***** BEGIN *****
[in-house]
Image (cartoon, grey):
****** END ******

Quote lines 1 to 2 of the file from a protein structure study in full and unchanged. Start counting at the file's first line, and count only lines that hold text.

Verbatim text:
[in-house]
Image (cartoon, grey):